Christmas Bird Count Numbers Are In For 2018

Across the country throughout December, the annual Christmas Bird Count took place. It is North America’s longest running citizen science project effort, having been created in 1900. On December 23rd, the Revelstoke birding contingent broke out their binoculars and headed out to count and identify every bird they saw.

The data collected by the Christmas Bird Count is sent to the National Audubon Society where the results are analyzed. In turn, the results gives environmentalists and educators a snapshot of which species are where and the approximate population numbers. This information can be compared to previous years data and show trends in population and, due to climate change, differences in migration routes and times.

Revelstoke has an avid group of dedicated birders and they have taken part in the bird count since 1981. Local birder Don Manson, who is responsible for sending the data to the Audubon Society, said twenty locals took part in the count this year.

“We create a circle that extends past the dam, out to the Peaks, down to McPherson Ski Lodge and then south to twelve mile. Participants skied, hiked, and drove the area,” Manson says of the process.

Compared to previous years the count was quite low. While songbird populations are on the decline across North America, Manson isn’t worried about the Christmas Count numbers. “The weather has been too nice this year,” he says. “Many of several species have yet to come down from the mountains to the lower ranges.”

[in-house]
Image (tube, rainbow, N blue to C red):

There were a couple surprises. A blue jay was spotted, and while Revelstoke is home to grey jays, blue jays are unusual. A black-legged Kittiwake was also spotted. “It’s a coastal bird,” says Manson. “It might have been blown in by a storm.” Though it did not count towards the Christmas Count, this past summer several rare species of warblers were spotted.

Local enthusiasts, or those with an interest, can check out ebirds. EBirds is a project started by Cornell Lab of Ornithology that allows birders to share their sightings, create lists, and find more birds based on others sightings.

BC Bird Alert is also a handy resource. It alerts users of any rare birds spotted in their area.

Come late April, birders meet every Sunday morning just before 7am in the Community Centre parking lot. “We decide where to go and head out for about two hours.” The weekly birding sessions continue throughout the summer, winding down for the winter season come Thanksgiving.

The following is a complete list of species and numbers from the Christmas Bird Count.

Snow Goose 1, Canada Goose 342, Trumpeter Swan 6, Mallard 113, Green Winged Teal 10, Bufflehead 8, Common Goldeneye 73, Common/Barrow’s Goldeneye 19, Great Blue Heron (Blue form) 5, Northern Harrier 1, Cooper’s Hawk 1, Bald Eagle 5, Black legged Kittiwake 1, Rock Pigeon (Feral Pigeon) 29, Eurasian Collared-Dove 8, Belted Kingfisher 1, Downy Woodpecker 8, Hairy Woodpecker 1, Northern Flicker 35, Northern Flicker (Intergrade) 1, Pileated woodpecker 2, Merlin 2, Steller’s Jay 14, Blue Jay 1, American Crow 109, Common Raven 99, Black Capped Chickadee 43, Chestnut-backed Chickadee 3, Red-breasted Nuthatch 22, American Dipper 8, Golden Crowned Kinglet 29, American Robin 47, European Starling 38, Bohemian Waxwing 114, Dark Eyed Junco 32, White-throated Sparrow 1, Song Sparrow 6, Red-winged Blackbird 23, Pine Grosbeak 13, House Finch 23, Red Crossbill 7, Pine Siskin 509, American Goldfinch 98.

Total Individuals 1,917

Total Species Reported 44

Special thanks to Don Manson and members of the Friends of the Feathered.

*Image by Don Manson 2011

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